critical, that Sir Hyde gave the signal of recal out of consideration for his subordinate. Nelson was told of what his chief had done, but putting his glass to his blind eye, declared he could not see a signal, and then cried out, "Keep mine, for closer battle, flying; that's the way I answer such signals." The Danes fought most nobly, but without success. When their ships had struck, Nelson prepared to send a message calculated to prevent further useless effusion of blood. A wafer was given to him with which to close his letter, but he ordered a candle and sealing-wax, saying, "This is no time at which to appear hurried and informal.” Negotiations followed. In the course of these Nelson visited the Crown Prince, whom he assured that of the 105 engagements in which he had been, that just concluded was the most tremendous of all. For this battle Nelson was raised to the rank of Viscount, and appointed Commander-in-chief.

Further operations in the Baltic against Russia were prevented by the death of Paul, an event which changed the policy of the Russian government. Nelson's next operation was upon a flotilla of gun-boats, assembled in the harbour of Boulogne, for the invasion of England, which was attended with little advantage beyond proving to his satisfaction the utter futility of the project. But we must return to Egypt, where, although the fleet was destroyed, the French army of invasion still remained.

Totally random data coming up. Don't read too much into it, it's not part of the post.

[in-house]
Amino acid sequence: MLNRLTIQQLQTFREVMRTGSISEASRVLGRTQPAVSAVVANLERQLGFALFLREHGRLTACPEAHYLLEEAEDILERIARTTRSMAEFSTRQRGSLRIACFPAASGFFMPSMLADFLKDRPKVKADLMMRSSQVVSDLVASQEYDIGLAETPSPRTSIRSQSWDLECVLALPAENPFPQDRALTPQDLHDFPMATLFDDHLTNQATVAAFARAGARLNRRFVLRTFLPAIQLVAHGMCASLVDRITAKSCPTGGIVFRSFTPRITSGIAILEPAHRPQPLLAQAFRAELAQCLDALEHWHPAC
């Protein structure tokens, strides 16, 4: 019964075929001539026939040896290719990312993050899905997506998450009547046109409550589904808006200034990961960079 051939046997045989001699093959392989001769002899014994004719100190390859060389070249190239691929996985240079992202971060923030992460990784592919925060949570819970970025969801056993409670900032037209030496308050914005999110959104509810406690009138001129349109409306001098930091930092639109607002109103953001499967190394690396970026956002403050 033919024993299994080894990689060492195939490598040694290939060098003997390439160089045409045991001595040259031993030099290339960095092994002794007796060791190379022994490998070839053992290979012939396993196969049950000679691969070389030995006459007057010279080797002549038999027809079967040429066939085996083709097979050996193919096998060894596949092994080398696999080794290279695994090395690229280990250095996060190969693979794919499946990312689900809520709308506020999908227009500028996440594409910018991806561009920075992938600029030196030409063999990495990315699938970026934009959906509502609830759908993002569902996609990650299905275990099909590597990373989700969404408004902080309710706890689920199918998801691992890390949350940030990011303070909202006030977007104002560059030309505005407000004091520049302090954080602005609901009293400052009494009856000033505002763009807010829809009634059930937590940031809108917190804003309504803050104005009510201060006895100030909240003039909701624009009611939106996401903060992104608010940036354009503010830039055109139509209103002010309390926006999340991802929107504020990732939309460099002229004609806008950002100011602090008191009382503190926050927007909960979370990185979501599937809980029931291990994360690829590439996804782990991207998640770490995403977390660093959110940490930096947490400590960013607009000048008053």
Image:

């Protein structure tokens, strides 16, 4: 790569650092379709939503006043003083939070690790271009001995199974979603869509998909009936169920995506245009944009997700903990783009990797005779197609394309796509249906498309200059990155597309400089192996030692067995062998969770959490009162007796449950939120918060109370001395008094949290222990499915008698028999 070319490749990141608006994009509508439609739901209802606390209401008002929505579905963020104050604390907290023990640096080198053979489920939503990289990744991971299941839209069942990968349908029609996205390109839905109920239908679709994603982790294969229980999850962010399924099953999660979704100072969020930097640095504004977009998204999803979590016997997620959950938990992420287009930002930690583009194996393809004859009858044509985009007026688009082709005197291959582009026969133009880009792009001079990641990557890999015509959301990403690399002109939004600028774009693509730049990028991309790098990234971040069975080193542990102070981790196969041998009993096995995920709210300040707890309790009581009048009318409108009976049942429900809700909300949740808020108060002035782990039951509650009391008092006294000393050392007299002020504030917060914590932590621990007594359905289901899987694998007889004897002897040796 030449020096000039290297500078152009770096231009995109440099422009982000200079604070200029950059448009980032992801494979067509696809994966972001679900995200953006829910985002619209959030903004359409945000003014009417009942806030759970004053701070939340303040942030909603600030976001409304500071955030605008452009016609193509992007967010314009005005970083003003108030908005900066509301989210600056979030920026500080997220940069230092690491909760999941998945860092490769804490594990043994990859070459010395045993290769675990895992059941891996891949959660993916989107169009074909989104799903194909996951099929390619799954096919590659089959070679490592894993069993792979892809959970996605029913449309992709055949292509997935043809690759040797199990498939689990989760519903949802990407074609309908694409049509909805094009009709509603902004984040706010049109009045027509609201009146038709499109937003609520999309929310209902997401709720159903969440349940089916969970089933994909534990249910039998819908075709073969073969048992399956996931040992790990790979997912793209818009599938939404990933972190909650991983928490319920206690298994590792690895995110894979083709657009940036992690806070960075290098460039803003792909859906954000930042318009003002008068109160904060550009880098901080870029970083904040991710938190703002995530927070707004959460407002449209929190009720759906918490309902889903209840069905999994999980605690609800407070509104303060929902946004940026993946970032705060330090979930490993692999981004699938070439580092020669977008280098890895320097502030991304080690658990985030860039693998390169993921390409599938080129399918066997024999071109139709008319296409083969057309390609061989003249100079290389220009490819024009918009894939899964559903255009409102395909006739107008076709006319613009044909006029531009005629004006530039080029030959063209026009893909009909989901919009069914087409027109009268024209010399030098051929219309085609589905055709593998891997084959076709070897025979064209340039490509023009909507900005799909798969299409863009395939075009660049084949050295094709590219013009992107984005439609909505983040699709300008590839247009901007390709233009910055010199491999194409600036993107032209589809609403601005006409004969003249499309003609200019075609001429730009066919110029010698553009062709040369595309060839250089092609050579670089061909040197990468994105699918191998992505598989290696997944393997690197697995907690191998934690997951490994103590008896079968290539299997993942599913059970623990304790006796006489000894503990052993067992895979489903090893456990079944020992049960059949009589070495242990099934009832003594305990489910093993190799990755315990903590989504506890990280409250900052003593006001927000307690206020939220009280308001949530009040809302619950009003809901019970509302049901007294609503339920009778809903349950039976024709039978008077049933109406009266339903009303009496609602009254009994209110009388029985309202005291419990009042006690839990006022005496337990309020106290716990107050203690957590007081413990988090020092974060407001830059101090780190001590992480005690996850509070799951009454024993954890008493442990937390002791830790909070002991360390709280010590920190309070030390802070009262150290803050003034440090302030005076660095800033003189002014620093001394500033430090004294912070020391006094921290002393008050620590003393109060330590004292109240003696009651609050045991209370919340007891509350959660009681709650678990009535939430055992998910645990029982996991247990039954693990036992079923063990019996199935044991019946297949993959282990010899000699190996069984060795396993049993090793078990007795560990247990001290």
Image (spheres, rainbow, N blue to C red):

Buonaparte, after losing his fleet, quitted Egypt. On his arrival in Paris, he, having the soldiers in the capital at his command, upset the Directory, and had himself proclaimed First Consul. His troops, left behind, had contrived to maintain themselves against the hostility of the natives, until a British army under Sir Ralph Abercromby (2d March 1801), appeared in Aboukir Bay, where the battle of the Nile had been fought. On the 8th the British soldiers were landed in boats in defiance of cannon balls and musketry. Although the force did not exceed 12,000, and the French were 30,000 strong, yet the former gained three successive victories. The last was a decisive one, but clouded by the fall of the heroic Abercromby. Lord Hutchinson suc